Live Blogging from the CELT Workshop

April 17, 2013


On April 17, 2013, Michele Pistone, Professor of Law and Director, Clinic for Asylum, Refugee and Emigrant Services (CARES) at Villanova University School of Law, spoke to the Albany Law School faculty on the topic of How Emerging Innovations Will Disrupt Legal Education.”

Her engaging presentation began with a clip from 1994 of Bryant Gumble and Katie Couric from the Today Show debating the pronunciation of a mysterious keyboard symbol, the”@” symbol.  From there and Bob Dylan (“The Times They Are A Changin”), she reminisced about buying books and records at neighborhood stores, seeing movies in the theaters, and when TV shows only played once a week, and if you missed them, you had to hope they’d be rerun during the summer.

Yes, this has all changed.  Books and newspapers are now digital.  TV shows and movies can be watched at anytime and on computers and phones. These changes are result of innovations which have created a new world.

However, this is the only world that our students know!! They were born digital.

As a result, our students are visual, connected, relate to one another through technology, have an abundance of information that is available at any time from any place.  They are used to convenience, speed, multi-tasking, immediate feedback and working together on projects, collaborating, sharing, and creating.

So the important question that Prof. Pistone raised was:  In light of these changes, have law schools changed enough?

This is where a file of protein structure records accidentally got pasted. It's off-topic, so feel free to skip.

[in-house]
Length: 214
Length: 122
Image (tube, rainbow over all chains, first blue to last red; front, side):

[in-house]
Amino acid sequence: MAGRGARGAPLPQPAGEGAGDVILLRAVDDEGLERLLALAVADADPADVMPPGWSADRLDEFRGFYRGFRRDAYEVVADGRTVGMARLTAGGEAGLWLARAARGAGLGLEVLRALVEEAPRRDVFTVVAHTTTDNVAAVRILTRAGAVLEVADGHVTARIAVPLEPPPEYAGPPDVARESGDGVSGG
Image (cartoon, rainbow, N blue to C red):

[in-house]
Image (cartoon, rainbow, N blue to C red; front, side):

And her answer was: “Law schools have not changed much in the last 100 years.”

K-16 education has been changing.  We have the addition of  MOOCS (massive open online courses); Khan Academy which offers videos and quizzes that can being used alone or to flip the classroom.  TED ED which makes videos for use in high school – students watch videos online for homework and then can come into class ready to do active problem based learning (thus “flipping the classroom”).

Prof. Pistone recommended reading the book Innovator’s Dilemma: When New Technologies Cause Great Firms to Fail by Clay Christensen.  In it, he introduces the key concepts of sustaining technologies (those that improve the performance of established products) and disruptive technologies. Although “disruptive technologies” result in worse product performance in the short term, they are typically cheaper, simpler, smaller, and, frequently, more convenient to use (Skype being an example.) So we need to adapt to them.

A study conducted by the Department of Education found that blended learning (a combination of online and face-to-face instruction) obtained better results for students and than either face-to-face or completely online learning.  This is something to keep in mind.

So what is next for law schools?

Prof. Pistone recommends focusing on:

  • What we teach – in light of our changing, globalizing, interdisciplinary world
  • How we teach — to cover a wide range of competencies and reach different learning styles
  • How we assess what students are learning – supplementing the final summative exam with formative assessment
  • How we signal to others a student’s competencies


Lastly, Prof. Pistone introduced her new project called LegalED.  LegalED is a web-based platform that will host teaching materials for legal education.  The materials will include:

  • short videos made for internet viewing
  • problems and exercises
  • assessment tools

This online platform of teaching materials (esp. the short videos) can be used to supplement law school and to “flip” the classroom.